This beautiful hand-drawn image is stolen from www.america.pink. Note that the patient appears to be holding a martini glass. This moustachioed gentleman is illustrating the clinical signs of traumatic asphyxia, a 30%-weighted first part of Question 10 from the first paper of 2016. These signs consist of facial oedema, cyanosis, conjunctival haemorrhage and widespread petechii.
Not content with commonplace bread-and-butter ICU problems like base of skull fracture and fat embolism, the college decided to pull out a rarity which tripped up a whole population of candidates. Certainly, the incidence of this syndrome is such that one may spend four years in a major Australian trauma centre and never see one single case. A South Australian forensic pathology article (Byard et al, 2006)managed to scrape up 77 autopsy cases from a 25-year period (1980 to 2004), of which the majority were motor vehicle trauma and industrial accidents. Oh's Manual doesn't even mention it once. J.Dwek first described the syndrome in 1946, calling it the "ecchymotic mask"- he wrote about it on the basis of only one case, out of a busy trauma service history of treating roughly 18,500 accident victims in an area with heavy military traffic.
Pathophysiology of traumatic asphyxia
"Traumatic asphyxia" is defined as "a form of suffocation where respiration is prevented by external pressure on the body". It is essentially a crush injury of the thorax, with impaired respiration as the result of greatly decreased chest expansion. Failure of venous return from the upper body results in the characteristic clinical findings, all of which can be attributed to greatly increased venous pressure. Traumatic asphyxia is a common cause of death among people being crushed by a crowd in a panic, or when law enforcement officers decide to restrain an individual by sitting on them.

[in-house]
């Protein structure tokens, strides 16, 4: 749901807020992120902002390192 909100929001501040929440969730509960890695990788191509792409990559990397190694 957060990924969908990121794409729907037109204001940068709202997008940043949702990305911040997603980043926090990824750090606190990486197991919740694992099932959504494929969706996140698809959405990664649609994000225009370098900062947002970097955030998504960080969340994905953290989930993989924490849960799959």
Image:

Clinical features of traumatic asphyxia
- Cyanosis of the upper body, especially the face
- Conjunctival haemorrhage
- Conjunctival oedema
- Petechial haemorrhages and purpura over the face, neck and upper face
- Oedema and congestion of the head
- The "brassiere sign" - petechhii and congestion of asphyxia spare those areas of the thorax which were covered by tight-fitting clothing, as it obstructs cutaneous blood flow and prevents the formation of petechii. This is typically observed in women who were wearing a bra during their crush injury, or a tight-fitting singlet as in the case of the moustachioed gentleman above.
- Retinal haemorrhages and visual loss
- Vitreous haemorrhagic exudates (Purtscher’s retinopathy- Choi et al, 2010 )
- Retrobulbar (posterior orbital) haemorrhages
- Loss of consciousness
- Hearing loss
- Cerebral venous infarction